Well, I finally committed myself to a project I’ve been talking and writing about since April 2011: Turning this blog into a book.
One of the biggest differences since we moved into a house is the sleeping arrangements. When our oldest daughter was a baby, we were living in an apartment with a traditional Japanese straw mat (tatami) room and no bed. So like most families in Japan, all three of us slept on futon in the same room. No crib for the baby; she had her own tiny futon…and as she got bigger, she would roll her way around nearly the entire room at night time, sometimes eventually kicking one or both of us in the head at some point.
I owe my love of organic gardening to my father, who started growing his own vegetables on the Methodist Church property behind our apartment in the “oil crisis” of the early 1970s. From him, I learned how to compost, properly prepare the soil, plant both seeds and seedlings with appropriate trellises, water and mulch during hot weather, and keep away pests without using chemicals.
“Organic” has taken a bad rap in the US media, thanks to lacksidaisical labeling that allows certain percentages of chemically-based fertilizers and pesticides. My veggies may not look as pretty as the store-bought kind, but they taste sweeter, have more pulp, and have a high yield. More importantly, I know exactly what my kids are eating.
Paternity leave just got a big mention in US media this past week, thanks to baseball.
New York Mets second baseman Daniel Murphy took three days leave for the birth of his son in Florida. Radio talk show personality Mike Francesca took some pot shots at the concept of paternity leave, for 20 minutes straight, saying that he was “surprised” that men would even need three days off. In any profession.
“What are you gonna do? Are you gonna sit there and look at your wife in the hospital for two days?”
As I posted some time ago, we were fortunate that my oldest daughter was able to enter a city-approved nursery school. We were even more fortunate to have first choice on a new housing plot that wasn’t even technically on the market when we were shown it by the real estate company. To make a long story short, we built a house less than a five-minute walk from the biggest, and oldest, nursery school in our city. It’s run by the local Buddhist temple, has around 120 kids from infant to 6 years old, and is very, very well organized. Cost? Depends on your income, but in our case we pay roughly the equivalent of $650 a month for the oldest daughter. Our youngest daughter had to go to a private, non-approved nursery another 10-minute walk away, but thanks to the “point system” lottery to determine eligibility to enter nursery schools, our youngest was also lucky enough to enter the same nursery school as my oldest in April of last year. Needless to say, I probably should have posted this about 11 months ago….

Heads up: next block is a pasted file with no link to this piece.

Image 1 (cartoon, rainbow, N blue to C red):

Since my daughter was a baby, she’s been obsessed with rabbits (usagi, in Japanese). We first had a stuffed sheep doll for her, but she quickly became enamoured of a musical pink bunny whose cord she could pull to start up a lullaby. When my wife’s great-grand aunt brought a white bunny with a purple ribbon as an early birthday gift, my daughter was hooked.
I don’t think the bunny was ever meant to be an actual child’s toy – we had to repair it on more than one occasion, as my daughter enjoys throwing it up in the air and flinging it by its feet — but it quickly became inseparable from our daily life. Usagi-san’s ears were frequently subject to all sorts of decorations: hair-bonnets, rubber bands, arm bracelets, hair clips and anything else my daughter could figure out how to attach.
At some point I started to pretend to be Usagi-san and “talk” to my daughter to get her to eat food she didn’t like (which was basically everything from age 2 to 3). From that point, Usagi-san became a part of our family. Our eldest would bring the doll to bed every night and pat it on the stomach saying, “Ne-ne shite” [Go to sleep]. She would bring it to every meal and make it taste her food to make sure the food was OK to eat. She would pretend that Usagi-san was sick and give it medicine. Once she started nursery school, Usagi would also go to “animals nursery school.” After some time, she began to insist that Usagi-san was a girl and demanded that my wife make the doll a purple velvet skirt (which eventually stained the bottom half of the doll purple).
The climax of our eldest daughter’s relationship to her “baby” Usagi-san doll came during our first trip to a zoo in Kobe last spring. Continue reading
Filed under: baby toys, family outings, Japan, parenting, separation anxiety, trips | Tagged: baby toys, child-raising, dolls, fatherhood, Japan, Japanese, Kobe, separation anxiety, trips, zoo | Leave a comment »